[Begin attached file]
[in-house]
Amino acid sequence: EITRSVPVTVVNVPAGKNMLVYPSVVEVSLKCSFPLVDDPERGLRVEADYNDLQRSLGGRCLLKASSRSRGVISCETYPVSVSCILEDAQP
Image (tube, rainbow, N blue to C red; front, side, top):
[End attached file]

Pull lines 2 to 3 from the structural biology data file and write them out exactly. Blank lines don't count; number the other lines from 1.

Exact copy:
Amino acid sequence: EITRSVPVTVVNVPAGKNMLVYPSVVEVSLKCSFPLVDDPERGLRVEADYNDLQRSLGGRCLLKASSRSRGVISCETYPVSVSCILEDAQP
Image (tube, rainbow, N blue to C red; front, side, top):